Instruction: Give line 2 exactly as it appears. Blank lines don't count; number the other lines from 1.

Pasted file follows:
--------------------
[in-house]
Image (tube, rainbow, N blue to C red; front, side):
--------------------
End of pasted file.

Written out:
Image (tube, rainbow, N blue to C red; front, side):